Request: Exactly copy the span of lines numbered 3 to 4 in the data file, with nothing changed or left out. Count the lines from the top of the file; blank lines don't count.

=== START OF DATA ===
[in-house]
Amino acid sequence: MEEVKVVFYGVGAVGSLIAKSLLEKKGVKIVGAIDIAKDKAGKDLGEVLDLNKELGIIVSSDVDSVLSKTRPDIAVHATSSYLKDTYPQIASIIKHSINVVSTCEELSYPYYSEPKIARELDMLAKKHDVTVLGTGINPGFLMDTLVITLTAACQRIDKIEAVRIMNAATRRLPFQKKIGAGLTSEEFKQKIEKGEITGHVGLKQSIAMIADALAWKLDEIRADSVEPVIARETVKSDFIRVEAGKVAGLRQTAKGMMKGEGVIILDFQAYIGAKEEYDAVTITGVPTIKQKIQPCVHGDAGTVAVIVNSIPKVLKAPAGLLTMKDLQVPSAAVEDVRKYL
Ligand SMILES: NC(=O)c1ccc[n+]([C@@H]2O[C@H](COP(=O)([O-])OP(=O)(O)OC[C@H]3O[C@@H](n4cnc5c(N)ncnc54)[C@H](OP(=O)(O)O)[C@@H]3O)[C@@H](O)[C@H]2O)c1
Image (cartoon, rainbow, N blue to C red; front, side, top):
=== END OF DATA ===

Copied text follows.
Ligand SMILES: NC(=O)c1ccc[n+]([C@@H]2O[C@H](COP(=O)([O-])OP(=O)(O)OC[C@H]3O[C@@H](n4cnc5c(N)ncnc54)[C@H](OP(=O)(O)O)[C@@H]3O)[C@@H](O)[C@H]2O)c1
Image (cartoon, rainbow, N blue to C red; front, side, top):